The deepest fish in the sea is much more successful than she looks

The skeletal structure of the sea’s deepest-swimming fish.
The skeletal structure of the sea’s deepest-swimming fish.
Image: Adam Summers
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There may be nothing new under the sun. But something new was just discovered deep in the ocean.

The Mariana Trench, in the western pacific, near Guam, is the deepest stretch of ocean on Earth. These waters are mysterious and difficult to study, but so far scientists know the depths are home to amphipods and other crustaceans, sea cucumbers, jellyfish, and tiny one-celled organisms called foraminifera. Now, we know the deepest waters are also home to the Mariana snailfish. This two-inch-long, translucent, scaleless fish has just won the crown for most intrepid sea traveler among the fishes, swimming deeper than 26,600 ft. Officially known as pseudoliparis swirei, the snailfish was introduced to the world in the journal Zootaxa (pdf) on Nov. 28.

Mariana Snailfish.
The most intrepid fish in the ocean.
Image: Mackenzie Gerringer

Human divers cannot go where Mariana snailfish swim, but an international research team did sink cameras and traps deep into this difficult-to-reach and rarely-studied area over three years. The traps took four hours to fall from the ocean’s surface to where this snailfish swims. When the traps were raised, they held healthy, well-fed snailfish. The camera footage had captured their deep sea activities.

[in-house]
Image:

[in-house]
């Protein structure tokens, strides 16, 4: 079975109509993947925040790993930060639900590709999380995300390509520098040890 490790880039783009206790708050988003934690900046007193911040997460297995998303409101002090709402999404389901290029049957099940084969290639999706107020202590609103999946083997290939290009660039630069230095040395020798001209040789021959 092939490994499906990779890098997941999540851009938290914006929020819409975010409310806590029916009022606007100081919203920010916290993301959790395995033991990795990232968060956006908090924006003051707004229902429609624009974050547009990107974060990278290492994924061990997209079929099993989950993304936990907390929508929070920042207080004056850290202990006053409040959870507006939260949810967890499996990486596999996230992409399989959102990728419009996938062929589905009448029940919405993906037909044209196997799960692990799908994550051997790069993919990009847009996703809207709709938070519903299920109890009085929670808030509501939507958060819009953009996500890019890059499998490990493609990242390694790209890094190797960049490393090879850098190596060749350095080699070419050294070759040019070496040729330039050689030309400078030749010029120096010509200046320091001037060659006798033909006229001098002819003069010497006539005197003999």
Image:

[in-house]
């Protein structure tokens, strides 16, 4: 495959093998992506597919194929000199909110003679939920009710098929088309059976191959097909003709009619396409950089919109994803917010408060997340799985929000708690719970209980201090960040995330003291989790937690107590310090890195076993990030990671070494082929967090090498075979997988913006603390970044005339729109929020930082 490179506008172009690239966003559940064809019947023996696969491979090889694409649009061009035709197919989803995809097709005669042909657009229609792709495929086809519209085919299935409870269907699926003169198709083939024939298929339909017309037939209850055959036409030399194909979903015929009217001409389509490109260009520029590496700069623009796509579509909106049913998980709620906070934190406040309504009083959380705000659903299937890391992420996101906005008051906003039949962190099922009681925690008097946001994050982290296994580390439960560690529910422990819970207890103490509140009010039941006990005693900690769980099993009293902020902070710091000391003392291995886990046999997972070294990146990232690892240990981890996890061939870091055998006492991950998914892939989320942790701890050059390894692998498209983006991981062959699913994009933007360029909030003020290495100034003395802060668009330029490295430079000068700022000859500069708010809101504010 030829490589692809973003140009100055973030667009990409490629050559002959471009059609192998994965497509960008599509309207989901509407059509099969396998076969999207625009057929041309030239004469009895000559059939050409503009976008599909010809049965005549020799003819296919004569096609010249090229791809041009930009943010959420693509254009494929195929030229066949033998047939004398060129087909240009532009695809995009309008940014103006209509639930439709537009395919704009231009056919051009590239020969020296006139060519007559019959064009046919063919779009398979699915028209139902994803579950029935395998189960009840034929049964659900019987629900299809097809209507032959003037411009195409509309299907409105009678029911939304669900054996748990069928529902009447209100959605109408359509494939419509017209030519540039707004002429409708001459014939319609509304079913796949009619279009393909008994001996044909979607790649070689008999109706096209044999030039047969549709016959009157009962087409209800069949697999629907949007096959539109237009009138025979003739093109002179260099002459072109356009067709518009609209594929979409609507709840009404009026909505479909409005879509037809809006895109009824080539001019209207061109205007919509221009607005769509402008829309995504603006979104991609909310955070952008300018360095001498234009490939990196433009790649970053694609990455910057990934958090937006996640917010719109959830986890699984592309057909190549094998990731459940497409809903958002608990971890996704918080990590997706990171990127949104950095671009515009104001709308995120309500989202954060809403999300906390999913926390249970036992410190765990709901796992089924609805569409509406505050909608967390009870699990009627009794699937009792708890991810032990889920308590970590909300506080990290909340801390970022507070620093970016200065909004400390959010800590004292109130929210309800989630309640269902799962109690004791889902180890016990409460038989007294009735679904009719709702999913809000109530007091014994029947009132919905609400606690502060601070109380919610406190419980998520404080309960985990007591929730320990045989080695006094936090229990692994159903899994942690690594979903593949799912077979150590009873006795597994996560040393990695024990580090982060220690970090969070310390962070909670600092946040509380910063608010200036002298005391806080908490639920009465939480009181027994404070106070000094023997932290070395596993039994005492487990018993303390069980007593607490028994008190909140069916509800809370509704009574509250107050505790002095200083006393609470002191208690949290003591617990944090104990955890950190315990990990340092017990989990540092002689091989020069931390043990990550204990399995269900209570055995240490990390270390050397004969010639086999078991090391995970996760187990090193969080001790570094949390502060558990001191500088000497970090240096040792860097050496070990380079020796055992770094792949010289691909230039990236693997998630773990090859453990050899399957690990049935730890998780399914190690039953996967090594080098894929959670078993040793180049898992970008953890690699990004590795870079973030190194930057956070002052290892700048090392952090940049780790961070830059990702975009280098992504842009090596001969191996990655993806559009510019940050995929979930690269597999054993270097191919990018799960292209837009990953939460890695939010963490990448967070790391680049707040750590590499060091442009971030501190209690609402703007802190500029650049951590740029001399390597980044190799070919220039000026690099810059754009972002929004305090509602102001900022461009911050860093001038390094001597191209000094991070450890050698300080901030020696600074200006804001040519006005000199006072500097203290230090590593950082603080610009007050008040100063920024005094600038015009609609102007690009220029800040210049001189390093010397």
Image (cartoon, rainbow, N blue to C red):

Mariana snailfish are under intense water pressure; a University of Washington press release issued about the study likens it to “an elephant standing on your thumb.” Yet the deceptively unimpressive Mariana snailfish not only manage to survive the pressure, but also lives well at these seemingly inhospitable depths. That’s because there are few predators and lots of prey, researchers say. The Mariana snailfish eat tiny crustaceans that get caught in the trenches they navigate.

Snailfish camera traps.
To see under the sea researchers need these contraptions.
Image: Paul Yancey

“We think of it as a harsh environment because it’s extreme for us, but there’s a whole group of organisms that are very happy down there,” said lead researcher Mackenzie Gerringer, a marine biologist at the University of Washington. Further research in these depths may yield even more weird discoveries. ”There are a lot of surprises waiting,” Gerringer said.

There are about 400 species of snailfish living at different depths and ranging in length from two to 30 inches. Many snailfish, like the Mariana, inhabit very small regions of the sea. But the Mariana snailfish is unlike all of those previously known—not just because of its especially deep home, but because of its unique physiology and structure. The Mariana has a combination of dorsal and anal fins not found in any other snailfish species. At this point, the researchers have only reported observations about the species’ existence, and haven’t suggested reasons for these physical distinctions.

After taking measurements and DNA samples from the creatures, examining eggs from females, and scanning the skeletal and tissue structure, the research team determined they had indeed found a new species. Then they named it: The Mariana snailfish takes its appellation from its local waters of course, the Mariana Trench. The species’ latin moniker, pseudoliparis swirei, pays homage to an intrepid sailor with a similar spirit, Herbert Swire, who sailed the deepest uncharted seas and discovered the Mariana Trench, also known as Swire Deep, in 1875.